Treating teachers like paedophiles
We should be suspicious of the UK government's new vetting procedures for adults who work with children.
The new school term in the UK has begun in chaos. Delays in the vetting of teachers, classroom assistants and other adults working in schools have resulted in some schools staying closed for extra days, others keeping certain teachers out of classrooms, some school buses cancelled…and lots and lots of criticism for the government.
The government deserves to be sent to the bottom of the class for creating this almighty mess. But in focusing on the current vetting crisis as a bureaucratic cock-up, most of the criticisms miss the point.
The establishment of the Criminal Records Bureau (CRB), the agency responsible for running these checks, was a politically motivated project, feeding off the worst New Labour mix of posturing, pragmatism and political scaremongering. Its outcome will be to fuel further distrust between parents, teachers and children, and create a climate in which those who work with children are treated with suspicion simply for doing their jobs.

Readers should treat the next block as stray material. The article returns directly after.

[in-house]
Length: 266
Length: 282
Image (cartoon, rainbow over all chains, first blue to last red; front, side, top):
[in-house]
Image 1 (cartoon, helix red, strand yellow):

The CRB was set up as a result of the Police Act of 1997. It was designed to replace the previous vetting system, where employers of teachers and so on would check new employees against the Department for Education’s ‘List 99’, of people deemed unsuitable to work with children. The police would then check for a criminal record. Because this was a time-consuming process, employees who had been ‘cleared’ by List 99 could start work while waiting for the result of the police check. The idea of the CRB was to bring these processes together, creating a kind of one-stop vetting shop (1).